Supreme Court considers two citizen enforcement cases
The U.S. Supreme Court. (Mark Fischer)
The U.S. Supreme Court is considering a pair of cases that could cut back on the ability of citizens to enforce the Clean Water Act. Although different, at their core, both afford the court opportunities either to preserve or weaken the power of citizens to hold polluters accountable for harming our nation’s waters.
The Clean Water Act, enacted four decades ago, aimed to make the nation’s waters drinkable, fishable, and swimmable. To make good on this promise, it prohibits discharges of pollution into U.S. waters without a permit and holds polluters to the limits imposed in such permits. Congress gave citizens the power to enforce the Clean Water Act, for Congress recognized that the government often lacks the financial resources and political will to enforce environmental laws against violators. In this way, the Act enlists people who use treasured waters or live near facilities that expose their communities to untenable pollution to stand in the shoes of the government to enforce the law against wrongdoers.
The first case that was argued this week—Decker v. Northwest Environmental Defense Center—concerns logging roads actively used to haul timber. These roads pulverize gravel and spew sediment and logging detritus into adjacent streams through pipes, ditches and channels.
A local environmental group brought a citizen suit to force Oregon and the timber companies logging state forest in northwestern Oregon to get a permit limiting the pollution from these roads. Pollution from such logging roads chokes salmon eggs and young salmon, kills their prey, and buries their essential habitat. Numerous salmon streams exceeded water quality standards due to this type of pollution. In the court of appeals, the citizens won the right to pursue the case.
None of the parties will dispute that these roads cause serious pollution. Instead, what is before the court is whether citizens can even bring this enforcement action and attempt to prove that the pollution requires a permit.
The reasons for keeping the citizens out of court vary: the Environmental Protection Agency asks the court to defer to its view that decades-old regulations exempt logging roads from the Clean Water Act; the timber industry believes the citizens group is 25–35 years too late to bring the case; and the state of Oregon argues that it should be left to address the pollution as the state regulator sees fit. Of course, in this case, Oregon is not only the regulator, but also the landowner whose activities are causing the pollution, and its past efforts have failed to curb pollution from logging roads in this region.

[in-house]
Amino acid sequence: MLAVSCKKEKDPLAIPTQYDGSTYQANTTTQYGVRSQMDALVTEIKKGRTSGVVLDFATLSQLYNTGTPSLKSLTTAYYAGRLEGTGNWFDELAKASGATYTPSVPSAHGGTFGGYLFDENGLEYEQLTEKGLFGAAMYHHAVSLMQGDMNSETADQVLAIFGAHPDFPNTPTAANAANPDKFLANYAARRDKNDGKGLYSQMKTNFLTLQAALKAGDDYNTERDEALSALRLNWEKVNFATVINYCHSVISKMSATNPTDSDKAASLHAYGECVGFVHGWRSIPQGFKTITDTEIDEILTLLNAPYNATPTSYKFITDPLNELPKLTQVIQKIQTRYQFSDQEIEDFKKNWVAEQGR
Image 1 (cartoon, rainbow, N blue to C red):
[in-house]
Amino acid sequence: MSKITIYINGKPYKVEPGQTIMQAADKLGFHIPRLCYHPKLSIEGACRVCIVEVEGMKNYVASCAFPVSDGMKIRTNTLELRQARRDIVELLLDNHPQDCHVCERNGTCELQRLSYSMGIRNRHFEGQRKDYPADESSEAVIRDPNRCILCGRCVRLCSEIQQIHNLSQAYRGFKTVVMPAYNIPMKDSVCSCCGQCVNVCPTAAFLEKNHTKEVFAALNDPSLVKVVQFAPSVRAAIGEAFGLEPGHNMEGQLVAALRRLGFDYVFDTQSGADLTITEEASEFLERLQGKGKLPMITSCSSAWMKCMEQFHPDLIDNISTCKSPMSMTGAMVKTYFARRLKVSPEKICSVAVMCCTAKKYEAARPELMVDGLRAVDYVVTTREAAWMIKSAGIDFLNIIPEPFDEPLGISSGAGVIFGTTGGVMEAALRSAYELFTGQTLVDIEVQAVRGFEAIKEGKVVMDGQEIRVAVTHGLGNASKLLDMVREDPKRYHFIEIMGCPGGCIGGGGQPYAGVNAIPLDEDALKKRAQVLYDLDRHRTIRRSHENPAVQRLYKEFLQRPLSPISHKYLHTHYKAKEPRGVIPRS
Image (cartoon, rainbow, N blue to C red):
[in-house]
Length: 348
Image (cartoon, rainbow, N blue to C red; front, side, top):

The second case the court is considering—Los Angeles County Flood Control District v. Natural Resources Defense Council—could affect the enforceability of stormwater permits. When rains flow over parking lots, streets and lots, the resulting stormwater transports polluted water laden with toxic metals, lawn fertilizer, dog poop and other bacteria into lakes and rivers.
The Los Angeles area has some of the most persistent stormwater pollution problems, with toxic plumes of contaminated river water persisting miles into the open ocean for days. A complicated permit governs thousands of sources of stormwater that flow through channels ultimately into the Los Angeles and San Gabriel Rivers and then into the Pacific Ocean.
The citizens’ group brought an enforcement action when the designated monitoring stations revealed violations of the permit’s limits. LA County is arguing that since pollution levels aren’t measured where the stormwater enters the rivers, the pollution limits cannot be enforced. Some of the parties, however, would go further and block any enforcement action, no matter how strong the evidence, on the theory that moving the polluted water through the stormwater system is outside the law’s reach.
These cases fit a troubling pattern in which polluters and governments have been trying to close the courthouse door to citizen enforcement of our environmental laws. Too often, courts have acceded to those demands. With the federal government embroiled in budget-cutting negotiations to avoid sequestration, citizen enforcement is critically important. Such enforcement actions—people caring about particular rivers and stepping in at their own expense to make polluters follow the law—also serve to level the playing field so that some polluters don’t obtain a competitive advantage from polluting U.S. waters in violation of the laws other law-abiding players follow.
We need more, not less, citizen enforcement if strong laws on the books are to be the reality we see on the ground (or in the river).